But it seems apparent to me that in some ways, humans have no evolved much since the days when we hunted horses down purely as a source of meat. Certainly the paintings on the walls of caves support this conclusion.
We still-in some places-consume their flesh, although most in the USA consider this practice to be abhorrent. Some cases of outright brutality-beatings, stabbings, shootings (guns and bows), dragging with ropes/chains, and various other tortures are described in news articles on the internet-and we now know that individuals who do this sort of thing will go on to bring that hell on humans sooner rather than later.
But what about the lesser evils we inflict? Can we address those?
- Horses are open range animals-they live in herds and depend on being able to see and able to move to get away from danger. But what do we do? We do the very opposite-we lock them up in solitary in small boxes for our own worry-free existence-not theirs. It’s no wonder they acquire ulcers and bad habits such as cribbing, weaving, wall kicking, bolting their feed, and such. They are our prisoners.
- We cut their body hair off-and then put blankets on them. I understand why you would-and have done so myself for medical reasons. But ordinarily, no, I would not. The body hair does a fine job of protecting the horse from the elements and needs little else unless the weather is really poor. I will help them in foul weather, but on the whole-they do fine au natural.
- Shoes-ah, you knew I’d get to this one. This is a hard topic. To be sure, the ‘modern’ horse has been bred mostly for what is above the coronet band-and that’s a crying shame. After my first horse-whom I treasured, I vowed to look at the hooves first. The Sports Model Jackass had LOUSY feet. They were big, dinner plate size, and they chipped. Moreover, they had flattened due to repeated foundering. He was a mess. He had to be shod-no way around it. Problem was-couldn’t keep steel on him. The wall would crumble. Fortunately that was when the plastic shoes came out-and the blacksmith grumbled but he put them on the horse-and they worked.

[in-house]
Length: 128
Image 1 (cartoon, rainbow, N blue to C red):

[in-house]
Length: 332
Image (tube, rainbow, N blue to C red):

Since that time, I have carefully acquired a herd that is totally barefoot-and needs no shoeing at all-with the possible exception of boots on occasion. They all have thick heavy hooves and go sound over most surfaces.
My suggestion to horse owners? Use the old desert way of looking at potential horses. Start at the ground. They’d sit in a tent and roll up one side of the tend about four inches. Horses would be led up-and those that looked good would be brought back for additional passes as the tent wall rose slowly to pastern, then knee/hock, then full leg, then shoulder, belly, hip,, then topline, and finally-head and neck. That way-you don’t get caught in the ‘but he’s just so beautiful’ or ‘she has such a sweet face’ nonsense.
- Nosebands-why do you use one? Why are you pulling that thing so tight? Think about it. If you say “my horse is opening his mouth to evade the bit”, go grab a dressage whip and give yourself a beat down. I’m serious. The question is NOT How do you keep your horse from opening his mouth, but why aren’t you doing something about the pain you are causing in his mouth that causes him to open his mouth? What kind of owner are you that you are ignoring the pain you are causing?? Okay, that’s a harsh question, but since I see an awful lot of it, and 11/10 times it involves a rider hauling back on the reins, feet braced in the stirrups, horse’s mouth foamed, eyes white rimmed, and the rider’s jaw set-well, damn it, somebody needs to say something. Take the time to learn to ride properly, loosen that noseband, and, if you have to, throw those bits away. You do not need metal to control a horse.
- Learn to feed properly. Ditch the molasses. You heard me-it is not good for horses. Do you eat candy at every meal? So why are you feeding the equivalent to your horse? Likewise, corn is not horse food. GRASS is horse food. Roughage is horse food. Learn what makes good horse food.
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